How an Eritrean Taught Me the True Meaning of Passover
Courtesy of Tekle
Tekle journeyed half a year by foot across the Sinai from Eritrea to Israel. He traveled mainly at night, for fear of getting caught during the day. “It was a matter of life and death,” he told me when I asked him to recount his escape. Without a civilian judiciary or democratic elections, the Eritrean regime mandates indefinite national service in the form of hard labor — paving roads, mining, or agricultural work. Those who flee are considered traitors and risk torture or death by the government. After graduating college, Tekle left his family and escaped alone. Each month, over 1,000 Eritrean soldiers do the same.
Tekle is one of 47,000 asylum-seekers now living in Israel, 73% of whom are from Eritrea and 19% from Sudan. Many live in the impoverished neighborhoods of south Tel Aviv, but around 1,700 have been detained, without a trial, at the Holot Residency Center.
Last spring, I tutored Tekle in English at the African Refugee Development Center (ARDC), nestled in a corner of Tel Aviv’s Central Bus Station. He chose to write his first essay in English about Einstein’s theory of relativity. As a major in library science, Tekle values knowledge and education above all else, but his university degree means little in Israel. He’s lived there now over three years, but never intended to settle there. He works job to job — cleaning the park or bussing in cafes — to save money for his eventual move to Europe, where he wants to pursue graduate studies in applied mathematics. “It is a dream I am working very hard to realize,” he told me.
The author with Yusi, one of the girls she volunteered with / Courtesy of Madison Margolin
I had no particular agenda when I moved to Tel Aviv for five months last year. My choice had little to do with Judaism or Zionism, and more to do with the post-college dizziness of not knowing what else to do. I lived in south Tel Aviv, a short walk away from the Central Bus Station. Outside that cement monolith, a homeless woman always sat picking a scab on her leg, and inside was chaos set to the soundtrack of trance blasting from boom boxes for sale. Flies hovered over green-olive pizza, merchants hustled to sell mobile phone SIM cards, and the variety of languages spoken there — Hebrew, Arabic, Tagalog, Russian, Tigrinya — reminded me that Israel’s population comes from diverse origins.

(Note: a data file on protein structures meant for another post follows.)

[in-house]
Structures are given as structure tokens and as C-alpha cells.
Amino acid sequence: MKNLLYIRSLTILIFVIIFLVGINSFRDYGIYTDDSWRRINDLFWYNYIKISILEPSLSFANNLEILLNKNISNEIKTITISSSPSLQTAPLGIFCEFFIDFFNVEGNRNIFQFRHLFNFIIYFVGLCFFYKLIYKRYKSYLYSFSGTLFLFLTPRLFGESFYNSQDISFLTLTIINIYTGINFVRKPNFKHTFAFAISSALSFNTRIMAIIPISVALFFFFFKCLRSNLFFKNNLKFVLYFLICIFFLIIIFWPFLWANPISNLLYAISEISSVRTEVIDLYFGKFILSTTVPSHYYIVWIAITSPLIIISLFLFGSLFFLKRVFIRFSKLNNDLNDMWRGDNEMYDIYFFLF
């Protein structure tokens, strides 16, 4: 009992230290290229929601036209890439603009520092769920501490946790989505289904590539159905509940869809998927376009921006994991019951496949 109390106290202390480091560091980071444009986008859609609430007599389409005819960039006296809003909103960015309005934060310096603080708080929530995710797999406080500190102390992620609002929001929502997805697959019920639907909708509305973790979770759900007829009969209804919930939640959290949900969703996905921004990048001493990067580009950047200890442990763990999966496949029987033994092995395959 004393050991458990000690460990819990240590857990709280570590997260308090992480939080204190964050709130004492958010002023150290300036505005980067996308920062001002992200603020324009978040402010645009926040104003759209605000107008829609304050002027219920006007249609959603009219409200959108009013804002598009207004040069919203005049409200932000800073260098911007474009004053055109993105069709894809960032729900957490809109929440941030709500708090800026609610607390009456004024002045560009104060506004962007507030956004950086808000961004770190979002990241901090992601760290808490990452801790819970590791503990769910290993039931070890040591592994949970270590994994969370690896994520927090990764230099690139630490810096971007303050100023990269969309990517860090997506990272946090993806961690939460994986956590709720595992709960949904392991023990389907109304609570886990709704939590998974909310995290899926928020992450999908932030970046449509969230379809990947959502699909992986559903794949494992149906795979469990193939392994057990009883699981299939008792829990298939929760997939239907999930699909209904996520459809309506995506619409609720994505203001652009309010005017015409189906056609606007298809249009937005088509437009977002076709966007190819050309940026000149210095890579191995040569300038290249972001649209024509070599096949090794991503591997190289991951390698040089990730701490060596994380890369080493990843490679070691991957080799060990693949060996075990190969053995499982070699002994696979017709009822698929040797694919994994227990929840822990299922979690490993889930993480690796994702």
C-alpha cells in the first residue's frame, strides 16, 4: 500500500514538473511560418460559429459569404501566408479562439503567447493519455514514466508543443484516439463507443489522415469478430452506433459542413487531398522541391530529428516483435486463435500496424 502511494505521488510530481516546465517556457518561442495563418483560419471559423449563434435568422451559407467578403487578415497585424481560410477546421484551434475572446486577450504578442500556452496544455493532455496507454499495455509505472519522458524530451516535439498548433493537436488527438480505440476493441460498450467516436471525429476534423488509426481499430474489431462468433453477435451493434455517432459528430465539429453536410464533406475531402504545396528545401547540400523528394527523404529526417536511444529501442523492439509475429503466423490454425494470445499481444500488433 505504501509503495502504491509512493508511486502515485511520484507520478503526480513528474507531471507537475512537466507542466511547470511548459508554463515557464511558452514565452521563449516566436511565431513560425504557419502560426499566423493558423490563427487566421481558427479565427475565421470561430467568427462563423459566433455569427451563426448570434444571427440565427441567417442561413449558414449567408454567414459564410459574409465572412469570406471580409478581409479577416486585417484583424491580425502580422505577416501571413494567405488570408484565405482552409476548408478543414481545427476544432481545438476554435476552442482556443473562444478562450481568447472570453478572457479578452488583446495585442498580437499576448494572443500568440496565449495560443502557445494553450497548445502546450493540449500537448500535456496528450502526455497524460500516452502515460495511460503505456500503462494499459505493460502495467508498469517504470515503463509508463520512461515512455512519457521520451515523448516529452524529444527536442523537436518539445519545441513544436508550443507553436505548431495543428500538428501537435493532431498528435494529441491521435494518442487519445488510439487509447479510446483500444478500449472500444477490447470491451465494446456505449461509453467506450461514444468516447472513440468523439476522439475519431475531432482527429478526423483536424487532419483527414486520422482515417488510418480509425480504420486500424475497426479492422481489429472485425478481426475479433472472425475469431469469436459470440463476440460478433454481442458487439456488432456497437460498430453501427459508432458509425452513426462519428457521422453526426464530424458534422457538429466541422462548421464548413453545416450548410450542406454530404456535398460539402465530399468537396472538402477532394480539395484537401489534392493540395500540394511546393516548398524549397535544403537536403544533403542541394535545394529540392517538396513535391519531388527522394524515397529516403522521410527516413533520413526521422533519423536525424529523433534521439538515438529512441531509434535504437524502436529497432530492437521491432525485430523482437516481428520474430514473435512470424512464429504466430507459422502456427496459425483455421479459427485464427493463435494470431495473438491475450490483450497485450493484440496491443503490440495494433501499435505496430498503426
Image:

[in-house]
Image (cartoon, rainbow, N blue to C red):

That reminder, and my experience tutoring Tekle, evokes Israel’s foundation on the ideal of welcoming the stranger and embracing the refugee, for as Jews, we “were all once strangers in the land of Egypt.”
Passover reminds the Jewish people of our history as strangers in a foreign land, and as struggling newcomers to the Holy Land. The Jewish narrative parallels the narrative of the African refugee population: escaping forced labor, trekking through the Sinai, and finding refuge in Israel.
But the Israeli government often describes the African refugees as “infiltrators” coming to Israel to work instead of to escape danger or persecution in their home countries. Now, the government is planning to deport some of the African refugees to a third country in Africa, possibly Rwanda or Uganda, without consent. Israel and Rwanda are reportedly discussing a deal in which the East African nation would take in hundreds of refugees in exchange for favorable contracts that include millions of dollars in grants.
Some of the other children the author volunteered with / Courtesy of Madison Margolin
Already, 1,500 from the Holot detention center have been sent back, after signing forms that declared their departure voluntary. Refusing deportation could mean indefinite residency at the Saharonim Prison in southern Israel.
“You know how we are treated here,” Tekle told me, “[the deportation issue] is like making business on our fate.” He said he hasn’t been in Israel long enough to face deportation from Holot, but every time there’s “bad news” from the government, “the media makes me think and worry about my future.”
While I didn’t go to Tel Aviv to feel more religious, I realize now at Passover that empathy for the stranger is central to the Jewish experience. This year, it felt as meaningful to write about Tekle as it did to attend a Seder. “Information is power,” said Tekle, thankful to still be safe in Tel Aviv and happy to share his story.